“I remember him being really surprised that I was a Trinidadian because I sounded so much like them (Jamaican),” said Williams.
Instantly Dixon began working with Williams. He released a compilation CD of artistes which also featured Williams with his second smash hit Be Prepared (Jah, Jah is coming near).
The song gained so much momentum that after the compilation release, Williams received a personal call from the CEO of VP records, Vincent “Randy” Chin, who said he wanted to sign him.
“It was a dream come true because I always told myself that I would one day be performing on a big stage with notable artistes,” said Williams.
Williams has had many accomplishments, like sharing the stage with his favourite artistes Jah Cure, Luciano and Beres Hammond but he regards his signing to VP records as the move that catapulted his career.
‘Music is a mission for me’
Williams’ music has taken him to places like Germany, Norway, Amsterdam, Australia, Holland, Canada, Atlanta, San Francisco and of course, the Caribbean.
Asked what sort of feedback he received when he performed internationally, Williams said: “Music is a mission for me. I always perform from my heart so I give people 100 per cent of what I have to offer. I understand the different cultures and when I visit these places I leave a touch of who I am and my music which is influenced by my Caribbean roots and my beliefs.”
He said there were times he felt more love when he performed overseas than at home.
“There is support, but I think a lot more can be done to support local artistes. We should not wait until our artistes make it big outside then to claim them,” said the 33-year-old.
Williams has recorded over 60 songs and his music, which is quite uplifting, touches on love, social issues and spirituality. With inspiration coming from his wife and fans, Williams said he was currently finishing his soon-to-be-released album.
Williams was one of the highlights of the Redemption concert at the Hasely Crawford Stadium on Saturday night. The event, put on by Tropix Entertainment, was one of the biggest reggae concerts to be staged this year. The show featured reggae stars Beres Hammond, Duane Stephenson, Gyptian and Sanchez.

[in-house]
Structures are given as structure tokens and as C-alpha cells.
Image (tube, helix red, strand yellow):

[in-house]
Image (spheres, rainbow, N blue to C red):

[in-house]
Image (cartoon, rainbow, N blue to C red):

Williams is keen on giving back and has provided youths in his hometown, Carenage, with the opportunity to explore their talent.
“In my house there is a studio I have dedicated to the young people who want to sing. They come in and they listen to music and sometimes they even sing or write songs,” he said.
“I think I need to pave a way for them because had I not been in the position I am in today, I am not sure where exactly what I would be doing,” said Williams who studied technical drawing.
He said he was happy he found his way and someone listened to his voice because many young people want to do something other than academics and no one listens to them.
Williams is working toward owning his own record label and starting a fashion line.
“I just want to ‘buss’ (bring out) artistes man. A lot of talent just wasting out there, and if I could help then that’s what I want to do.”
He left these words of advice to the youths: “Do not doubt yourself. You can do all things, once you put your mind to it. Just have faith and love Jah man and everything will be alright.”